Lanyardstore.com: Lanyards Printing Company Goes 100% Trash-Free

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Lanyardstore.com, an online store that manufactures and prints custom lanyards, has created a totally trash-free warehouse by implementing a recycling program that benefits the company, employees and environment.

Lanyardstore.com's Recycling System

...recycling is by far the best bang for the buck if a company is looking to go green.

According to the Clean Air Council, about one-tenth of all garbage in the United States gets recycled. Lanyardstore.com, a lanyard manufacturing and printing facility in Los Angeles, wants to help change this statistic. The company boasts a completely trash-free warehouse, recycling every single item they use.

Company President Augie Pella claims that it’s actually a relatively easy process. “Americans have become complacent about throwing everything into one trash can, but recycling is by far the best bang for the buck if a company is looking to go green.”

The Lanyardstore.com 40,000 sq. ft. warehouse would normally produce a lot of trash as a byproduct of their manufacturing and printing of various lanyards, neck wallets, ID badge holders and other disposable ID products. In addition to these ID products, they also manufacture and print low cost strap products such as printed shoelaces, pet collars, and safety straps, all of which would typically produce massive amounts of waste.

The company set up recycling bins for every category of item they use. “We don’t have any trash cans; we have scratch paper piles and recycle bins,” explains Pella. “We even use shredded office documents instead of Styrofoam peanuts.”

In the initial transition of becoming trash-free, Lanyardstore.com did encounter a few obstacles. Items were being thrown into the wrong bins and the warehouse became infested with ants from food-related trash. “We solved those problems and once we ironed out all the ‘bugs,’ things have gone smoothly,” Pella says.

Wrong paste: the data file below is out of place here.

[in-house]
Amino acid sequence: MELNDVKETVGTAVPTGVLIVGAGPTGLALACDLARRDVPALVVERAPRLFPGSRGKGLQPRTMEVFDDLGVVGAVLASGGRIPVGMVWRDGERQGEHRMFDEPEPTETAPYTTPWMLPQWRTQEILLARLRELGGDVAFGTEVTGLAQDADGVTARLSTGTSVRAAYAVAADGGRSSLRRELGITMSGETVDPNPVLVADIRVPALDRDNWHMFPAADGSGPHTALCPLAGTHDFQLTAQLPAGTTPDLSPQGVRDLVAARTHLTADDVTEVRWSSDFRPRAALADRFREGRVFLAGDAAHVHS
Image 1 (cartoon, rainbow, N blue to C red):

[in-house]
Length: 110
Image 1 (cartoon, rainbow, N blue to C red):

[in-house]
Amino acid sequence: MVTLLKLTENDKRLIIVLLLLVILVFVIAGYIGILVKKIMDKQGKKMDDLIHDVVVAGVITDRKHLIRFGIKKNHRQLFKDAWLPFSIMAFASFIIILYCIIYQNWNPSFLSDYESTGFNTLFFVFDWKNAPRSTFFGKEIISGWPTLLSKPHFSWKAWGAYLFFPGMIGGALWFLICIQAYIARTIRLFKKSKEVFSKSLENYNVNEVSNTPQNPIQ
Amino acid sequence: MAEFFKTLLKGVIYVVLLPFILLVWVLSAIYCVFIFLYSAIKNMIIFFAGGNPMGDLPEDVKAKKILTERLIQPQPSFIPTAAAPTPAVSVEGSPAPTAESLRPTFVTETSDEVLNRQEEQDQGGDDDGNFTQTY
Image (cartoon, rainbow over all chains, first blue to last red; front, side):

Expanding their eco-friendly efforts, Lanyardstore.com embarked on a program they call “Million Lanyard Give,” through which they donate extra and overrun lanyards to non-profit organizations. They also use excess ink to print lanyards for donations.

The company’s efforts have a larger impact than one might think. The Clean Air Council reports that just one ton of paper from recycled pulp saves 17 trees, 3 cubic yards of landfill space, 7,000 gallons of water, 390 gallons of oil, and enough kilowatt hours to heat a home for a half year.

Pella hopes that other companies will follow Lanyardstore.com’s example. He points out that recycling offers financial rewards too. “We save about $1400 a year in trash collection costs right off the top. In addition, every two weeks, someone in our office pockets an extra $100 or so by taking the bins to the recycling facility, which makes them happy.”

To learn more about recycling in your area, visit earth911.com. Schools, churches or other non-profit organizations may sign up for Lanyardstore.com’s Lanyards Donation program by visiting their website.

About the Printed Lanyards Store:
Lanyardstore.com began selling lanyards in 1997, and shortly thereafter formed the website http://www.lanyardstore.com, which sells personalized lanyards and other ID products, printed neck wallets, custom badge holders and retractable badge reels. The online company also prints custom shoelaces, pet collars, dog leashes and child safety straps.

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Terry Jackson
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